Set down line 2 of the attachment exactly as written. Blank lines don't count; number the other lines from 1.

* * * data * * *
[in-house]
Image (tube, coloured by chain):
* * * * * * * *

Image (tube, coloured by chain):